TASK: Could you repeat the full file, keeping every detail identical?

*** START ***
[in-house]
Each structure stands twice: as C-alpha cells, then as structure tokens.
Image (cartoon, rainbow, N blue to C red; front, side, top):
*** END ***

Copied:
[in-house]
Each structure stands twice: as C-alpha cells, then as structure tokens.
Image (cartoon, rainbow, N blue to C red; front, side, top):